Canine heroes in Sussex
PUBLISHED: 15:04 10 January 2010 | UPDATED: 16:33 20 February 2013
Heroes come in all shapes and sizes and sometimes they come on four legs as well. Meet five canine heroes in Sussex...
Heroes come in all shapes and sizes and sometimes they come on four legs as well. Kate Eastman went to meet canine professionals who transform lives and in return get their own special rewards...
Nunz Walter with Gizzie the Shih Tzu
Canine Concern is a charity that offers the sick and elderly the chance to have their spirits lifted by a friendly, loving dog that visits hospitals, hospices and homes for the elderly.
Ive been with Canine Concern for four years and this is my second year of being a representative, says Nunz. Basically we go into nursing homes and elderly peoples homes if they want a friendly dog to visit.
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Covering most of Bexhill and Hastings, Nunz and Gizzie bring smiles to many of the elderly faces they visit. I always believe if you get one smile in the home then its worth it.
More often than not most of the residents enjoy a stroke or simply to watch Gizzie wander around the other residents happily sniffing and wagging his tail. Some had pets before they came in so its nice to have that little bit of love and contact again.
Nunz assesses potential dogs and explains what shes looking for: It doesnt matter what the breed of dog, from Chihuahua to Newfoundland, but the main thing is the dog has to be happy and sociable.
Its nice if they sit when theyre told. They are only allowed to give a paw on demand and they must never jump up and scare the residents. They have to be clean, deflead, wormed, nails trimmed and if they can do a little trick, the residents like to see that now and again.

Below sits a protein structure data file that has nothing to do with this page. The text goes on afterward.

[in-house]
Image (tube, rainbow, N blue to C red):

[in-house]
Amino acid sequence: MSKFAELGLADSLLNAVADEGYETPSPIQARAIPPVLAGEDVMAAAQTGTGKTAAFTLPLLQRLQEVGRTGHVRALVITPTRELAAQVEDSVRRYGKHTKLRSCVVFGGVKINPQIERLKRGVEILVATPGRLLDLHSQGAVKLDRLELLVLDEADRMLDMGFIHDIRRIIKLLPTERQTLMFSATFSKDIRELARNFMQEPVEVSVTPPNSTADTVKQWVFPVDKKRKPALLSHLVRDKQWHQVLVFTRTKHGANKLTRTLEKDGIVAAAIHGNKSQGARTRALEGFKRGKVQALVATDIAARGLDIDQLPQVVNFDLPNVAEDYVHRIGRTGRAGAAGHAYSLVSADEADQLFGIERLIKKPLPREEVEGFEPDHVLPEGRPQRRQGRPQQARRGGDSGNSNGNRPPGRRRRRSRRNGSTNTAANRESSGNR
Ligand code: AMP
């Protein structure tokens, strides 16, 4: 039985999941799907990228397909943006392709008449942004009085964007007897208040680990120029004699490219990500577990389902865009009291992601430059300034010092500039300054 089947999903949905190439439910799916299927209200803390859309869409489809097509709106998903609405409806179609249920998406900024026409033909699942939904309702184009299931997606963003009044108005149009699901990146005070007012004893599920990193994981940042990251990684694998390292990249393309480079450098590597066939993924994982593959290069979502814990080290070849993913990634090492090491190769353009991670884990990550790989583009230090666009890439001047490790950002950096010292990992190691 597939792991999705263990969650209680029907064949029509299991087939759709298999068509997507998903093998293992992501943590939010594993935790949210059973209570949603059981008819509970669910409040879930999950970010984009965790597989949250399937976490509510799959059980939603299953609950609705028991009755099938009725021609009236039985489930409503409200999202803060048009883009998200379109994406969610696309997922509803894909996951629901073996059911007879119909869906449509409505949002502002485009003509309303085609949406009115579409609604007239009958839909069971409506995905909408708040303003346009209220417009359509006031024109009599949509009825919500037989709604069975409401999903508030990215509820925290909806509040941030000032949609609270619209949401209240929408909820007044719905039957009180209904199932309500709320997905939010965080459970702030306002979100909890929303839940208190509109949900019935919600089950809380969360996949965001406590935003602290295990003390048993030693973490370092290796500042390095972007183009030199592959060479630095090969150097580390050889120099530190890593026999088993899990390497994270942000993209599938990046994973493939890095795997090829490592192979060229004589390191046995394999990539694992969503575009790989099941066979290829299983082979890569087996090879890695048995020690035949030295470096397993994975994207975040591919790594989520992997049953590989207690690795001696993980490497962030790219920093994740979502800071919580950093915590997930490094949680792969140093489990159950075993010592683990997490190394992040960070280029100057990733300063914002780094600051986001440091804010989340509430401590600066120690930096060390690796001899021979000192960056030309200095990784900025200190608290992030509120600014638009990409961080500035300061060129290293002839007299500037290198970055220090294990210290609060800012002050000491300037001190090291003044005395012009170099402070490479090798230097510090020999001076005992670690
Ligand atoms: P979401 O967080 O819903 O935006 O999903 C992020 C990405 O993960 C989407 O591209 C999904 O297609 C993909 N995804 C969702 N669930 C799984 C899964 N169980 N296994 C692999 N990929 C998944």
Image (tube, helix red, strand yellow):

Police officer Steph Barrett with her partner Zeus, a German Shepherd
Zeus was given to the police force as a gift dog, when his 80-year-old owners could no longer look after him.
Zeus is now 6 yrs old Ive had him five years after he successfully completed the three-month training course to get his police dog licence, says Steph, who covers the Eastbourne area.
Whenever Im on duty he is as well and we work about 50 hours a week. Once it gets dark is when were busy. At 3am in a residential area theres no one about so Zeus can track and search people who run off from burglaries or search for car thieves. He tracks the last scent at a crime scene: we all have different smells and he tracks the last disturbance.
Last year, Zeus and Steph went to a Blockbuster store that was broken into in Eastbourne and he chased for more than two miles. We tracked through residential estates, over fences and through hedges. says Steph.
We successfully got the people arrested but without Zeus we would have never have found them because the informants said they had gone in the other direction. Theres no better feeling when you get a successful case like that.
Zeus loves his ball and gets rewarded with it every day but he knows the difference between work and home time. As soon as we walk through the gates to our home he switches off and goes into puppy mode. Hes a lovely companion and we have lots of fun together.
One of my colleagues received a memo from the Crown Prosecution Service asking for a statement from her partner, She informed them that her partner was a dog but they rather snottily persisted that PC Simba provided a statement.
She returned a statement with a series of barks and woofs. What was funny was the defence had to serve the statement because it was a legal document and that made the national newspapers.
Tony Aston with Harvey, the Labrador Retriever-cross, guide dog
Tony, of Burgess Hill, has been the chairman of the Guide Dogs Association for three years. With this job comes a busy weekly routine, one that Harvey is learning at the moment.